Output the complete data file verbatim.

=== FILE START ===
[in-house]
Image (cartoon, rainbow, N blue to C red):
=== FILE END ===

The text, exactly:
[in-house]
Image (cartoon, rainbow, N blue to C red):